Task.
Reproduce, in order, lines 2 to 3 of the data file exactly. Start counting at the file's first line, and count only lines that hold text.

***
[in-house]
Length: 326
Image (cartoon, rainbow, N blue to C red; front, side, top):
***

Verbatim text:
Length: 326
Image (cartoon, rainbow, N blue to C red; front, side, top):